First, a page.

Archaeology Field Journal – June 18, 2007 – Day 10

A beautiful sunrise this morning followed by more work at Oloololo. Today was looking grim. We worked on our excavation squares all morning and found nothing. As the day dragged on we all began to doubt we’d find anything. I suggested we cut the walls and finish it up. As soon as Dr. Ngari swung the pickaxe to cut the north wall we discovered a rather large bone protruding into our excavation square. Bingo.

We immediately began clearing away the soil and discovered it was a zebra metapodial along with another shaft fragment. The zebra metapodial did not appear to contain any stone tool cut marks, but we did find two small holes that looked like canine marks. We added the artifacts to our site map, tagged and bagged them. We excavated the square all the way down to the Oloronga Green bed but did not manage to find anything else.

After a lunch of leftover goat, we sat down one on one with Dr. Barthelme and discussed our ten page papers for the course. I’ve been thinking about the topic since well before we arrived in Magadi. I found myself fascinated by the geology of the Rift Valley, something that peaked once we arrived in Magadi and I became familiar with the unique soil layers. My plan was to explore the way in which the geology of a site can help archaeologists recreate a paleoenvironment. Dr. B. gave me a few suggestions on where to focus my research and I felt more comfortable about writing the paper.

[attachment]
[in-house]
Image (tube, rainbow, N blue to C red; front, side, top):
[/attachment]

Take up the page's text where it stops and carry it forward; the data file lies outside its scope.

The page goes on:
A while later Kesoi took us on a walking tour of the area. He led us west along the base of the ridge to check out some of the hyena dens. Let me be the first to say that Kesoi Ole Parseyio is one fearless Maasai. He literally crawled into the hyena dens to see if anyone was home and then began pulling out bone after bone for us to examine. One den yielded the remains of a porcupine and we all collected some quills to give out as gifts. The trail ended at a massive gorge that would be perfect for swimming in the rainy season. Jordan took this great picture of me showing off the dangerous side of archaeology.

We returned to camp for dinner, then we were out for the night.


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